• @wizzwizz4 Well, I don't now what fit's more the definition of entitlement than complaining why others haven't done the work that one wants to get served for free. Frustration IS opinion. Further the exzellent part of the answer (which I see as well as such), is pointing out exactly the shortfalls of the question and why it isn't a good one in any book. – Raffzahn Oct 9 '20 at 20:39
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You've answered your own question:

  • this is a thankless and massive undertaking
  • they of course can never make any money from it
  • it's very illegal to make these available, which also puts them in serious danger of getting personally sued and having to pay money to Nintendo or others (this depends on the reader's jurisdiction, but it's a safe assumption)

I'd add:

  • It requires knowledge of and access to every game either in the hands of one person with the suitable equipment to make the images and record all the necessary meta-information (mappers, board revision, expansion chip revision), or co-operation between multiple people who have agreed precisely on a format and methodology over a long period of time. If any two people disagree, now you've got two collections with conflicting headers and layouts just as you've observed.

It's like asking 'Why is MobyGames incomplete?' or 'Why is Wikipedia incomplete?'

Knowledge of every game might sound like a strange requirement, but new games are sometimes discovered that were thought to never have existed. Cooly Skunk is a PS1 platform game, but there was a precursor of the same name available through the Satellaview on the SNES as a limited demo. It was only this year that a BS-X unit was discovered that held the Cooly Skunk SNES image that could be dumped, but it was later found that the entire game was present, just not accessible. Prior to 2020, Cooly Skunk might as well have never existed.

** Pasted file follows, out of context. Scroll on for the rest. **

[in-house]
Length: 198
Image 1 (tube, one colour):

The fact that you've discovered unsatisfactory and incomplete databases is proof people are working on the problem despite all the above. They just haven't finished.

You might also be interested in Byuu's project to make a perfect dump of every SNES game for the purposes of hashing, and the intense frustration and great amount of personal expense and effort involved for all the participants - A shipment of games worth thousands of dollars was shipped and then lost for months, and was only recovered after media exposure and constant queries.

This led to my most ambitious goal yet: to buy every single SNES game ever released in every region. A task that to this date has set me back by over $30,000 of my own money.

I successfully completed the ~725-game North American collection, scanning and documenting every single game and revision for it.

I was then able to fund much of the Japanese game collection through the rather famous eBay auction where I sold off my complete North American SNES collection. That was fun.

Thus I successfully purchased the ~1,450-game Japanese collection, which is to this date still a work in progress, with the most expensive 100 titles already completed, and the rest in queue.

And thanks to kind folks lending me their European games, I’ve completed around ~300 of the ~550 cartridges for this region as well.

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There was a very unfortunate incident in late-2016 where a package containing 100 PAL games valued at around $10,000 was lost in the mail due to damage during shipping. After several agonizing months of waiting and trying everything possible to escalate the case privately, I had no choice but to take the matter to the public.

It generated far more press than even I had anticipated, which successfully caught the eye of a manager at the USPS Consumer Affairs department. His team helped locate the missing package in the Atlanta Recovery Center, where it was slated to be auctioned off as undeliverable mail in the near future.

Thankfully, the games were recovered. I was able to preserve all of them, and then return the games successfully to their original owner.

We learned a valuable lesson, and I no longer accept any donations unless they are 100% fully insured. I also have a strict limit of 50 games at one time so as to further minimize any potential losses.